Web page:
- The Washington Times - Monday, July 31, 2017

The Justice Department is expected to deliver news this week on progress in sniffing out the “astonishing” number of leakers who have bedeviled the Trump administration, aiming to deliver on the president’s promise to stop the unauthorized release of sensitive information.

Officials are unlikely to detail specific investigations since the department usually waits until criminal charges are filed before going into any depth.

But they are likely to confirm the soaring rate of leaks.

“We have seen an astonishing increase in the number of leaks of classified national security information in recent months,” department spokeswoman Sarah Isgur Flores said last week.

How the rate of leak investigations will translate into prosecutions under the Trump administration remains to be seen.

The Obama administration brought more leak cases — at least eight prosecutions — than all predecessors combined. But the number of notifications that DOJ received from intelligence agencies about unauthorized disclosures of classified information during that time was far higher.

In 2016 the Justice Department received 37 “crimes reports” concerning unauthorized disclosures of classified information, according to documents obtained by Steven Aftergood, a government secrecy specialist with the Federation of American Scientists.

From 2009 through 2016 the Justice Department received an average of 39 such reports — a high of 55 in 2013 and a low of 18 in 2015, according to the data he received through a Freedom of Information Act request.

“Not all leaks are criminal violations,” Mr. Aftergood said, noting that prosecutors typically only seek to bring charges in cases in which a person disclosed classified information. “To prosecute a disclosure of nonclassified information is not impossible, but it would require some legal acrobatics we have not seen in a while.”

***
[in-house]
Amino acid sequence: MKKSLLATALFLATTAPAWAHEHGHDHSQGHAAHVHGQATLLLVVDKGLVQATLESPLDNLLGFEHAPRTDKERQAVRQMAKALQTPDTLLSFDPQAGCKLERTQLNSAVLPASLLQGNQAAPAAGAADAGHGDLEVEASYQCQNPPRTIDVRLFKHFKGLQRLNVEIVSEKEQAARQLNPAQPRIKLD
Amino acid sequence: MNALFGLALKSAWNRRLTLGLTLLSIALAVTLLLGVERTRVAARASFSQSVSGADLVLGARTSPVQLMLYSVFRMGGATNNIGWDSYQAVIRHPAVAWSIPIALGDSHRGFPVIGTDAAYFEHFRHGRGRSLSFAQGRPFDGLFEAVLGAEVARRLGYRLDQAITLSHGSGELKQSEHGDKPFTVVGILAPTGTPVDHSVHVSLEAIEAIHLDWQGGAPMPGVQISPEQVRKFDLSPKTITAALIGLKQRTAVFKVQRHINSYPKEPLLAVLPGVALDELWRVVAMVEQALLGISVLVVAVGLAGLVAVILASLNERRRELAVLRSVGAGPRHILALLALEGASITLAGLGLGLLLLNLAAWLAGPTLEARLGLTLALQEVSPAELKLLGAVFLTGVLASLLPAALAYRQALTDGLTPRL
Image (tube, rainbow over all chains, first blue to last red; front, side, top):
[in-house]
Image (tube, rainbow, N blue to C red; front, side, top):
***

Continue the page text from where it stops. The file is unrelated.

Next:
Even in cases where classified information has been leaked, investigators can’t always identify the culprit. Leak investigations generally start by process of elimination, and the more people who had access to the leaked information, the trickier it is to pinpoint the source.

Federal prosecutors say they’ve been able to identify the source of at least one classified information leak this year. In June 25-year-old federal contractor Reality Winner was charged in connection with leaking a classified National Security Agency document to a news organization.

Other leaks are still being probed.

Details about a suicide bombing outside a pop concert in Manchester, England, leaked to American media outlets, briefly causing British law enforcement to stop sharing information with U.S. agencies. Attorney General Jeff Sessions vowed a crackdown, though no charges have been filed in that case.

Details of Mr. Trump’s phone conversations with his counterparts in Australia and Mexico have also leaked, as have details about his Oval Office meeting with Russian Foreign Minister Sergey Lavrov.

The expected Justice Department announcement could be a way to smooth over difficulties between the president and the attorney general. Mr. Trump lashed out at Mr. Sessions on numerous fronts last week, prompting some to speculate the attorney general could be forced out.

But the White House on Monday rejected reports that the president might ask Mr. Sessions to move into the post at the Department of Homeland Security, which was vacated by Gen. John F. Kelly’s move to become Mr. Trump’s chief of staff.

“There are no conversations about any Cabinet members moving in any capacity,” White House Press Secretary Sarah Huckabee Sanders said.

If the department isn’t prepared to announce new arrests or criminal charges, Mr. Aftergood said it’s unclear why they’re rushing to give an update.

“To say there is lack of discipline within their own administration, I’m not sure what that gets them,” he said. “Could it discourage future leakers? Maybe. But I think people already know leaks of classified information are discouraged and may be prosecuted, so I don’t know that it serves a constructive purpose either.”

• Dave Boyer contributed to this report.

• Andrea Noble can be reached at anoble@washingtontimes.com.

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